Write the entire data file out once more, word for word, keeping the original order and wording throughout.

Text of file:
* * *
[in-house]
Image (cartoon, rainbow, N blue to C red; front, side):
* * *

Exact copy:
[in-house]
Image (cartoon, rainbow, N blue to C red; front, side):